The Food and Drug Administration's (FDA's) 510(k) Process: A Systematic Review of 1000 Cases
HCA Houston Healthcare Kingwood
510k process, FDA, conflict of interest, devices, recall, systematic review
Equipment and Supplies | Surgery | Surgical Procedures, Operative
BACKGROUND: The vast majority of devices cleared by the Food and Drug Administration (FDA) are through the 510(k) process which allows medical devices to be quickly introduced into the market. FDA 510(k) process is designed to minimize the burden and expense of bringing new devices to market, however as a result may be limited in its ability to establish the safety of these devices.
METHODS: The FDA 510(k) online archives were searched for devices cleared from 2013-2014. One thousand devices were randomly selected. PubMed was searched for each device to identify publications regarding the devices. Primary outcome was the percentage of devices cleared through the 510(k) process with no published research. Secondary outcomes included: conflict of interest (COI) of authors and outcomes of published studies on the devices.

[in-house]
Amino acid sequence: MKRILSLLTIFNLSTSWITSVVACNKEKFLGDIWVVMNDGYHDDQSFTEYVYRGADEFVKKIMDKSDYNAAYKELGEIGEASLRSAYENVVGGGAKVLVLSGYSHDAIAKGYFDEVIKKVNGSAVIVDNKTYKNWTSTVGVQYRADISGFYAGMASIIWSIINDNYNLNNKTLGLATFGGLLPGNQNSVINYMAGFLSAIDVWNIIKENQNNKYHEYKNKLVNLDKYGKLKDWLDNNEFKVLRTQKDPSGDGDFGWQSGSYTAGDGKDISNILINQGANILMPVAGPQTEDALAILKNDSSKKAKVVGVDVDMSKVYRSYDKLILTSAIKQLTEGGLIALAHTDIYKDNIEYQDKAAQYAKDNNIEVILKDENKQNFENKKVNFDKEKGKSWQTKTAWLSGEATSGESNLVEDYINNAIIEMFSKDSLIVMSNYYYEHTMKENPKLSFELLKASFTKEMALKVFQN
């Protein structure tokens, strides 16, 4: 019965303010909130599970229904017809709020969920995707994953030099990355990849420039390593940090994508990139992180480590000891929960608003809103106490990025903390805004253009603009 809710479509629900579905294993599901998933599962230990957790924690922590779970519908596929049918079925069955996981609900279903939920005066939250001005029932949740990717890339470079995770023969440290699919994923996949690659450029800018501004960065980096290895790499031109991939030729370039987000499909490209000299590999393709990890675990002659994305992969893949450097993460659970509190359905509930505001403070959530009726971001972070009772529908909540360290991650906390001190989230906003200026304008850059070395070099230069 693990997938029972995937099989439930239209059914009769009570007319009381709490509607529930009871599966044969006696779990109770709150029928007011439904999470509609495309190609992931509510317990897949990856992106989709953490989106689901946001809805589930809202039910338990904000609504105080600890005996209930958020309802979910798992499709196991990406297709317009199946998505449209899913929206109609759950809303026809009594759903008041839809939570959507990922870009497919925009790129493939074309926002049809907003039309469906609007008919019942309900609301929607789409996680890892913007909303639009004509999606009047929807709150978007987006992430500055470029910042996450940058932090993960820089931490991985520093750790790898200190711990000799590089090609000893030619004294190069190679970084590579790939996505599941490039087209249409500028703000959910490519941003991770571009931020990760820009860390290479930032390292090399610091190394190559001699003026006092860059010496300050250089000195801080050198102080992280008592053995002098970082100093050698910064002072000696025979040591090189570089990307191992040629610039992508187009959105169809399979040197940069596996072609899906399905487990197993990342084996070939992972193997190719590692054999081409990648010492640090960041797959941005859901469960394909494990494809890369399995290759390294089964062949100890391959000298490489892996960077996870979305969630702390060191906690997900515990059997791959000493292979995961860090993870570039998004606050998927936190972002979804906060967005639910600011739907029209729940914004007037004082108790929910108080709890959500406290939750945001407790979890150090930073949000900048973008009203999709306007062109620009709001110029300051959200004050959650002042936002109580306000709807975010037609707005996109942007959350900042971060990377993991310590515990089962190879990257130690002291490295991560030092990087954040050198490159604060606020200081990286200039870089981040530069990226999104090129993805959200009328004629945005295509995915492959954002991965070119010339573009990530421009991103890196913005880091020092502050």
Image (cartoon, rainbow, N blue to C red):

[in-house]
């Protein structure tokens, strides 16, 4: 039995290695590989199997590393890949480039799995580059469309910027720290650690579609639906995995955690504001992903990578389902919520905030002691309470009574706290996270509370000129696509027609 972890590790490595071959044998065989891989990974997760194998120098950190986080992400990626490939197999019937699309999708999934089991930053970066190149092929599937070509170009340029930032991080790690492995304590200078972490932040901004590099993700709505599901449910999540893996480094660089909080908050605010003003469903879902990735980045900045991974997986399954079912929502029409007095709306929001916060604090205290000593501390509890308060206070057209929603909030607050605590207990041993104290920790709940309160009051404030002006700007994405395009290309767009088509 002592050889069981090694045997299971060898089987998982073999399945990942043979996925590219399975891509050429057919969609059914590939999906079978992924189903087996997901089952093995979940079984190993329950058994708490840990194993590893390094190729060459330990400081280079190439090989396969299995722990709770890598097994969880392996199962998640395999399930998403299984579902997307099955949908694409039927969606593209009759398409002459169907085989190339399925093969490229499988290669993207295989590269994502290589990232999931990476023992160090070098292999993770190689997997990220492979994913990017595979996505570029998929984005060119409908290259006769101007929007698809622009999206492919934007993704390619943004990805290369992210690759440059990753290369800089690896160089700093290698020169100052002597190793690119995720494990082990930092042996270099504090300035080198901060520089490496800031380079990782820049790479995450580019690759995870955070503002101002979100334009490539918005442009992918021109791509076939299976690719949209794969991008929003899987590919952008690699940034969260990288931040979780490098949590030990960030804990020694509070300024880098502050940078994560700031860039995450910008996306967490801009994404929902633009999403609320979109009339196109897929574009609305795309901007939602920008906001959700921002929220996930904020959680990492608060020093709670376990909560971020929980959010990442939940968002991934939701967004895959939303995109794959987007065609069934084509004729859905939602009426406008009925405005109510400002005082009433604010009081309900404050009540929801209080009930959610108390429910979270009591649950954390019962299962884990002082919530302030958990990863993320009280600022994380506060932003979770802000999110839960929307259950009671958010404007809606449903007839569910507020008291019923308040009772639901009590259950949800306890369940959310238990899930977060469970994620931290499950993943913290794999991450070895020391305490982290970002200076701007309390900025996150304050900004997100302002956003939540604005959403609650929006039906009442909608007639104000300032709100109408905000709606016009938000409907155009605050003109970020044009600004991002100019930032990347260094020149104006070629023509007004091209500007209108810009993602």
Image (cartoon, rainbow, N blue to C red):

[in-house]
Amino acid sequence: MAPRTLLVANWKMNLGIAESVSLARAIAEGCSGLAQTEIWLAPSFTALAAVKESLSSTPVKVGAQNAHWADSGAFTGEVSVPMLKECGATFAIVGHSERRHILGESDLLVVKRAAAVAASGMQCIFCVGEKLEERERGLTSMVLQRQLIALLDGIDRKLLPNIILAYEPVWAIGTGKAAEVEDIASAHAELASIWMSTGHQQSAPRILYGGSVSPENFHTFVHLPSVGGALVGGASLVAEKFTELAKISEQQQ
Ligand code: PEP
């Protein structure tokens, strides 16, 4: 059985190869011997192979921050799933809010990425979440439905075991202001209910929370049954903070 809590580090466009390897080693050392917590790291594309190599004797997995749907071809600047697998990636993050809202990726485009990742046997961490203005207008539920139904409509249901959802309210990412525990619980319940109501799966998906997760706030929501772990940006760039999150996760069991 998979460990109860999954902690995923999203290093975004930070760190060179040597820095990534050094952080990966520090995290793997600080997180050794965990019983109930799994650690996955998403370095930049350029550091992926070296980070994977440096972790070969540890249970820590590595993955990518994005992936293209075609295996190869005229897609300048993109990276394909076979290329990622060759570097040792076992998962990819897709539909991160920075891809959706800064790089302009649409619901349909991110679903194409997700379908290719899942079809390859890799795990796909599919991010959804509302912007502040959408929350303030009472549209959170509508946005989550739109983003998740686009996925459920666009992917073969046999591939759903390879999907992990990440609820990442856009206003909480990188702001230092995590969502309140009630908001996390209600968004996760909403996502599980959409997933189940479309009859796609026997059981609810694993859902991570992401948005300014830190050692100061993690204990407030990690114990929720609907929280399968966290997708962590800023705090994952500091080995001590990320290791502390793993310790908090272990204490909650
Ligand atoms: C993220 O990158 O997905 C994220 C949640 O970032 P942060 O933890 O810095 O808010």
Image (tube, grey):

RESULTS: A total of 6152 devices were cleared through the 510(k) process from 2013-2014. Of the 1000 randomly selected devices, 17.8% had published research. There were 375 manuscripts, of which 47 (12.5%) were randomized controlled trials. One-fourth (25.1%) of studies had a clearly identifiable COI, while COI was unclear for half (49.9%).
CONCLUSION AND RELEVANCE: There is limited evidence examining the safety and effectiveness of devices cleared via the 510(k) process. Thousands of devices are cleared through the FDA's 510(k) process each year with limited or no evidence publicly available. This has led to the market being introduced with potentially costly, non-beneficial, or harmful devices. Devices, like prescription drugs, should undergo a more rigorous clearance process.
Publisher or Conference
The American Journal of Medicine
Shah P, Olavarria O, Dhanani N, et al. The Food and Drug Administration's (FDA's) 510(k) Process: A Systematic Review of 1000 Cases. Am J Med. 2023;136(2):172-178.e14. doi:10.1016/j.amjmed.2022.09.006